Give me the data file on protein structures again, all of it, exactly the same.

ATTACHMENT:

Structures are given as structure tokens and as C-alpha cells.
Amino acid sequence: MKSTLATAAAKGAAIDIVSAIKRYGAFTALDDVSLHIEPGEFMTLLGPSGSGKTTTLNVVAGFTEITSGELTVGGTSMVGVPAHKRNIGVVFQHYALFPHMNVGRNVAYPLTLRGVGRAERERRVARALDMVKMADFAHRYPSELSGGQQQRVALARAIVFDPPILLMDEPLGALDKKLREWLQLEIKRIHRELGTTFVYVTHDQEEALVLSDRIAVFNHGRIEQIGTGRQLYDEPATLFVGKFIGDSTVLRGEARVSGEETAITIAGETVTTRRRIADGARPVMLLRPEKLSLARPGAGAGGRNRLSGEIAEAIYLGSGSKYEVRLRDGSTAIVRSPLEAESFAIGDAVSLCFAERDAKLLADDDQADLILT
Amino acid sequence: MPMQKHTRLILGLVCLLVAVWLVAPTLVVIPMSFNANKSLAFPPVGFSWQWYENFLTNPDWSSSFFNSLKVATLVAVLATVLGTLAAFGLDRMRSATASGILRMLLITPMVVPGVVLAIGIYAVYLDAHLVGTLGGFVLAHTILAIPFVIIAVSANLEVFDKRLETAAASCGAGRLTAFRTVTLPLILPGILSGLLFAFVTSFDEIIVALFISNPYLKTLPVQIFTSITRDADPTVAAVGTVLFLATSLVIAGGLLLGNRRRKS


Structures are given as structure tokens and as C-alpha cells.
Amino acid sequence: MKSTLATAAAKGAAIDIVSAIKRYGAFTALDDVSLHIEPGEFMTLLGPSGSGKTTTLNVVAGFTEITSGELTVGGTSMVGVPAHKRNIGVVFQHYALFPHMNVGRNVAYPLTLRGVGRAERERRVARALDMVKMADFAHRYPSELSGGQQQRVALARAIVFDPPILLMDEPLGALDKKLREWLQLEIKRIHRELGTTFVYVTHDQEEALVLSDRIAVFNHGRIEQIGTGRQLYDEPATLFVGKFIGDSTVLRGEARVSGEETAITIAGETVTTRRRIADGARPVMLLRPEKLSLARPGAGAGGRNRLSGEIAEAIYLGSGSKYEVRLRDGSTAIVRSPLEAESFAIGDAVSLCFAERDAKLLADDDQADLILT
Amino acid sequence: MPMQKHTRLILGLVCLLVAVWLVAPTLVVIPMSFNANKSLAFPPVGFSWQWYENFLTNPDWSSSFFNSLKVATLVAVLATVLGTLAAFGLDRMRSATASGILRMLLITPMVVPGVVLAIGIYAVYLDAHLVGTLGGFVLAHTILAIPFVIIAVSANLEVFDKRLETAAASCGAGRLTAFRTVTLPLILPGILSGLLFAFVTSFDEIIVALFISNPYLKTLPVQIFTSITRDADPTVAAVGTVLFLATSLVIAGGLLLGNRRRKS